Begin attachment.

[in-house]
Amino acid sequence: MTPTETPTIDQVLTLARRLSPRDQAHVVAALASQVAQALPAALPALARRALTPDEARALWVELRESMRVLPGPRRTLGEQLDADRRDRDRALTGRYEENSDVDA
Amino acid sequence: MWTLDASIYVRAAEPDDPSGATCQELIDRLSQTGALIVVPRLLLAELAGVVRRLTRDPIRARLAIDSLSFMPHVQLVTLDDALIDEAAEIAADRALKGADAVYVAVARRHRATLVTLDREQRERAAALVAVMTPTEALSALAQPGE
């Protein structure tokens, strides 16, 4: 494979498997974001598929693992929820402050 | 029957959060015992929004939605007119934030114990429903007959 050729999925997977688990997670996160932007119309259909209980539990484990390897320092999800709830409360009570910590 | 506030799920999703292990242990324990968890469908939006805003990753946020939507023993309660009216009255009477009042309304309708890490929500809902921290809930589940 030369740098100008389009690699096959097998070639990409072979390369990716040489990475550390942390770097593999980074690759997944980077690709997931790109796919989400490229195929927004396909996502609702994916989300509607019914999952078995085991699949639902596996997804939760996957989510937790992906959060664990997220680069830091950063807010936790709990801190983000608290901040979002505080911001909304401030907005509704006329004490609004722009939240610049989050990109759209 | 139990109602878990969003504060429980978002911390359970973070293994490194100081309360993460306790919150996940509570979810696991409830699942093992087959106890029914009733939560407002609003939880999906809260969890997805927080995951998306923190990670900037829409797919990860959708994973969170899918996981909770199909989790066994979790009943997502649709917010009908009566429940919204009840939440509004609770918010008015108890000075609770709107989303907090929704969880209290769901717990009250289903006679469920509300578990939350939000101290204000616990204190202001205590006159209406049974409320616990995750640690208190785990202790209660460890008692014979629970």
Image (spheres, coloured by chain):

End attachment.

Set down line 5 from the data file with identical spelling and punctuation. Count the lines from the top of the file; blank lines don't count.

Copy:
Image (spheres, coloured by chain):